0:50:42.3 Evan Cole Lewis: Under the influence of psychedelics, the pipes become a little bit normalized in size, and then you begin to feed that dormant pipe. So it's not a new connection, it's just an older connection. And once you feed that a little bit... And this is where the dendritic growth happens, the dendritic growth goes and starts to feed that pathway, you start to reinforce new dendritic growth around that pathway that previously wasn't there. And this is where the old adage comes from, "The neurons that fire together wire together." So you start to fire more down one pathway, and as you fire that the psychedelics promote dendritic growth and synaptogenesis through the pathways where BDNF is signaled and mTOR is being on those... If you kinda dig into the mechanisms and that starts to develop and reinforce the old dormant pathways.

0:51:39.4 Evan Cole Lewis: So now the old dormant pathways start to become revitalized. So it's almost like it's not a new neuro growth, it's a real nuanced idea. But you have... But it's important to understand. And it's really important to understand, 'cause I tell this to patients, why it's so important to understand, it's so important to understand is because you can get better. Everyone can get better, everyone can improve. So you don't need to make new things, you just have to activate the old things that are not working there anymore. And the psychedelics helped to reinforce it through the dendritic growth and synaptogenesis. I'm hoping that makes sense.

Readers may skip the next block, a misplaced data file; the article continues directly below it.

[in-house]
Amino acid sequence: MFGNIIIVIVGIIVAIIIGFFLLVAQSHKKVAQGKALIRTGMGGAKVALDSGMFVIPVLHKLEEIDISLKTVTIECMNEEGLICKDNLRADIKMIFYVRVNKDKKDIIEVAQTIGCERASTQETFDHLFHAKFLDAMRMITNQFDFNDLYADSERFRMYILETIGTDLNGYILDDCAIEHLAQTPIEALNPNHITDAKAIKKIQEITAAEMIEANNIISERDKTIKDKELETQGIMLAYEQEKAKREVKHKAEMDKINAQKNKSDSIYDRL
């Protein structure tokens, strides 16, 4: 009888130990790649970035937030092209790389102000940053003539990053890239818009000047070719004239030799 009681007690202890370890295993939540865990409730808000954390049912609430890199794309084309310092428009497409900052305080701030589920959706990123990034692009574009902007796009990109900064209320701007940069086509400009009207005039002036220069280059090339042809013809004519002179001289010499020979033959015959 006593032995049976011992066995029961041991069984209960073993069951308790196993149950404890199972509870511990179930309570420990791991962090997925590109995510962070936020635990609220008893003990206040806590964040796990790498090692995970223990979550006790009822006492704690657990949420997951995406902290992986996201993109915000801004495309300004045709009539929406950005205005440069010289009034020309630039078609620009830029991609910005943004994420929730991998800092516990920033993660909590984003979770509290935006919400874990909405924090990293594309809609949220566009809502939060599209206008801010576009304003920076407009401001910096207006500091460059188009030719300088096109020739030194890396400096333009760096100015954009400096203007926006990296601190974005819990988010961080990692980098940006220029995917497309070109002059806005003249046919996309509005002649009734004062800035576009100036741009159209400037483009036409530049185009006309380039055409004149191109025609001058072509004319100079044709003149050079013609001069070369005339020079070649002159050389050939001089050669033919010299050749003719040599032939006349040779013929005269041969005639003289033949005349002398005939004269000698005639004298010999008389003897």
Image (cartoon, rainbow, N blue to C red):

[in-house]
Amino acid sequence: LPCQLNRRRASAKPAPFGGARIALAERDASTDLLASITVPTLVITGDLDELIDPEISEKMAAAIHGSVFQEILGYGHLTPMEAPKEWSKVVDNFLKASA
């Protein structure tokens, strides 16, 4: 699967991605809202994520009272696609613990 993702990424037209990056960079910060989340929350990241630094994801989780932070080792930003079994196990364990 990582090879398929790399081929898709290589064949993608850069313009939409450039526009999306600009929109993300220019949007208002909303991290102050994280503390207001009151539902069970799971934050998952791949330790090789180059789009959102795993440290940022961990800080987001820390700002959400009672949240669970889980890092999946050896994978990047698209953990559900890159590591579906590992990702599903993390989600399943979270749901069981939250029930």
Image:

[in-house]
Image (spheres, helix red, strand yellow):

0:52:11.9 Paul F. Austin: That's helpful. No. It's super helpful. It's almost... What I'm thinking of is, we often talk about how psychedelics return us to a childlike state. And when we are young children, we are much more spontaneous, we are much more open, we are much more free flow, we are much more connected, in a way. And then we learn, often through school and through church and through parents, to shut off certain parts of ourselves. It also shuts off certain parts of our brain. So this idea that these aren't new, but it's just opening up old channels that have been just not used makes total sense. Super helpful.